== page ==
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Abhisit Warns Thailand Could Erupt in Violence



Abhisit Vejjajiva, head of the Democrats and a former prime minister

Abhisit Vejjajiva, leader of the Democrats and a former prime minister

BANGKOK – Abhisit Vejjajiva the Democtatic party leader has urged both sides in Thailand’s political crisis must back down from a “showdown in May” that many fear will turn violent and inflict deep damage on the country’s economy and reputation.

Abhisit Vejjajiva, head of the Democrats and a former prime minister, called for talks and the start of political reforms ahead of elections within months, warning that the Arab Spring had shown the dangerous potential for countries to suddenly erupt in violence.

His comments come amid growing fears among business people and others of the impact of a crisis that has paralysed the government of Yingluck Shinawatra, prime minister, for almost five months and is undermining Thailand’s ambitions to take a central role in southeast Asia’s economic integration.

“[People] see the country moving ahead next month into what could be even more confrontation, more threat of violence,” Mr Abhisit said in an interview. “Given the accumulated frustration and suffering and loss of opportunity for the country, I think it’s really time people begin to speak up for the middle ground.”

Mr Abhisit rejected criticism that he had played a big part in the current turmoil by boycotting an election in February and throwing his weight behind six months of street protests. He insisted instead that he had been trying to bring the two sides together for “months” to talk about a reform package covering areas such as corruption, decentralisation and education.

While he said warnings from some government supporters and others of civil war should Ms Yingluck be ousted by two, soon-to-be-concluded, legal cases were partly “rhetoric”, he acknowledged there were “genuine risks” of serious trouble in the latest phase of a struggle that has already claimed more than 20 lives. Kamol Duangphasuk, a pro-government activist and poet who had criticised the country’s strict lèse-majesté laws, was shot dead on Wednesday by unidentified gunmen in a restaurant car park in north Bangkok.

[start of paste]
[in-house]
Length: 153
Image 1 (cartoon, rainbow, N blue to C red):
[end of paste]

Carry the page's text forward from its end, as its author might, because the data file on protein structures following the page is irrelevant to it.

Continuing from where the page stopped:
“It’s not very difficult to whip up sentiment against the other side,” Mr Abhisit said. “Even the Arab Spring began from some minor incidents. It just gathers momentum – and if people are in the mood for conflict, who knows what it will lead to.”

Ms Yingluck’s government has slashed economic growth forecasts and put more than $15bn of investment decisions on hold since the start of the crisis, during which the prime minister has headed a caretaker administration shorn of many revenue-raising and decision making powers. Thailand’s central bank warned this week that growth would slow down more than expected during the first half of this year, because of the impact of the political situation on investment and the country’s important tourism industry.

Private sector business groups warned this week that Thailand urgently needed a new government to approve projects and prepare for next year’s planned launch of a single economic community of the 10-member Asean group of southeast Asian countries.

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